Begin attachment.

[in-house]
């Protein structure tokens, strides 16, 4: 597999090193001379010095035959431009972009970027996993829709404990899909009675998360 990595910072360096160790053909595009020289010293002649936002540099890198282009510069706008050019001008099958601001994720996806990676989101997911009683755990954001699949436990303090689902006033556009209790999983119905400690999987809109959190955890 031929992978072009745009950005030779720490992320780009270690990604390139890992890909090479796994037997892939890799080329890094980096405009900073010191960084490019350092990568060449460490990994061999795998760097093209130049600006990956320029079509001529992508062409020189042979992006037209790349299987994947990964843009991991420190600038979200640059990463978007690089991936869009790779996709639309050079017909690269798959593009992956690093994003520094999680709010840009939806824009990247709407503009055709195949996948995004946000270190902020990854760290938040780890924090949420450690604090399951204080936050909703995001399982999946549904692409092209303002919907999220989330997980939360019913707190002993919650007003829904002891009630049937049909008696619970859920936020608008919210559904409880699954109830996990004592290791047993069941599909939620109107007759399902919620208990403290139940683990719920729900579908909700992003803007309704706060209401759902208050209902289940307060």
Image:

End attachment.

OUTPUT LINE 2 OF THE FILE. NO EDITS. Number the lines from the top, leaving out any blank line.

């Protein structure tokens, strides 16, 4: 597999090193001379010095035959431009972009970027996993829709404990899909009675998360 990595910072360096160790053909595009020289010293002649936002540099890198282009510069706008050019001008099958601001994720996806990676989101997911009683755990954001699949436990303090689902006033556009209790999983119905400690999987809109959190955890 031929992978072009745009950005030779720490992320780009270690990604390139890992890909090479796994037997892939890799080329890094980096405009900073010191960084490019350092990568060449460490990994061999795998760097093209130049600006990956320029079509001529992508062409020189042979992006037209790349299987994947990964843009991991420190600038979200640059990463978007690089991936869009790779996709639309050079017909690269798959593009992956690093994003520094999680709010840009939806824009990247709407503009055709195949996948995004946000270190902020990854760290938040780890924090949420450690604090399951204080936050909703995001399982999946549904692409092209303002919907999220989330997980939360019913707190002993919650007003829904002891009630049937049909008696619970859920936020608008919210559904409880699954109830996990004592290791047993069941599909939620109107007759399902919620208990403290139940683990719920729900579908909700992003803007309704706060209401759902208050209902289940307060």